Well, it’s a long story, kids. One that I’m probably going to make even longer because my editor wants at least 800 words.

It all started with my childhood…

(flashback wavy lines, flashback wavy lines, flashback wavy lines)

When I was a kid, I wasn’t allowed to go trick-or-treating. This had less to do with child abuse (as I VERY vocally insisted to my mother back then) then (as I realize now) it had to do with the time period. See, back in the early ancient period known as the ‘80s, everyone was afraid that 1. all teenagers were involved in satanic cults and 2. those satanic cults spent all their time stuffing razor blades into mini Kit Kat bars. Add on top of that the fact that most of my extended family felt Halloween glorified the Devil and I lived in a place where non-working tractors outnumbered people four-to-one (making for quite a long hike just to score some free yet probably non-name brand candy), and you have the perfect recipe for a Halloween-less youth.

Not that I was completely deprived. My aunt threw a great party every year on the night before Halloween, complete with costumes, bobbing for apples and big piles of razorblade-free candy. We just couldn’t call it a Halloween party. Because it wasn’t. Because Satan is always watching.

And there was one year when I was a teenager that I did actually go trick-or-treating. But that was really just more of an excuse for 11 of us to jump into a completely unsafe car while in costume and drive around while smoking cigarettes and sharing a bottle of Boone’s Farm (which tasted like gasoline and haunted watermelons). I did also attempt during this time period to participate in that other time-honored Halloween tradition, the haunted house, but at the first sign of a chainsaw I threw up my hands, yelled “NOPE!” and sprinted back to the car.

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As I got older, I spent a few years doing the “get drunk at a bar while wearing a costume that would make your feminist grandmother cry” Halloween tradition. I also would dress in “costume” for work, but usually only as a gypsy or Amy Winehouse since neither required me to really change my hair. Or my outfit. Or the amount of eyeliner I usually wore.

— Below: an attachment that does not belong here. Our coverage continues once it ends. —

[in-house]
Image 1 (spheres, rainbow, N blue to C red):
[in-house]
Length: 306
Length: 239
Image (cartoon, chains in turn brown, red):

So, as you can see, my relationship with Halloween has been spotty at best. Which is why I probably never decorated my house for the holiday, inside or out. And why I haven’t worn a costume the past few years (unless you count my standard “Gypsy Amy Winehoue” everyday look). And why I quickly lose my enthusiasm for handing out candy to trick-or-treaters.

“Oh look, another Iron Man and Elsa from ‘Frozen.’ How original. Take your Snickers and go. You disgust me.”

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But now…well, now I’m a parent. And that has made all the difference this year. Suddenly I’m all in the holiday spirit, like the love child of Martha Stewart and Elvira.

Which is how I came to commit my first veggiecide. A task I took a bit too much glee in judging from the horrified look on my husband’s face.

Hey honey, could you maybe not laugh maniacally while holding that giant knife and pulling out the pumpkin guts. It’s…uh…it’s creeping me out, babe.”

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I’m even finally using the Halloween kitchen towels my mother-in-law got me years ago. I mean, I use them the rest of the year too. (What? Suddenly I’m a Rockefeller who can afford enough kitchen towels to not use the seasonal ones year-round?) But I’m using them now too. On purpose.

And, best of all, I already bought my son his costume (a baby chicken outfit because 1. it was on sale and 2. we want to save the Chucky costume for next year when he can walk and hold a bloody knife better) and plan to take him for his first trick-or-treat outing at what his dad calls “my work’s Halloween thingy event for children or something.”

Yes, I must say, making up for all that lost time has me downright giddy and we still have a week to go until the big day. In fact, I may even dress up in costume this year. As Zombie Gypsy Amy Winehouse. Which won’t even require makeup since I haven’t had a full night’s sleep my son was born.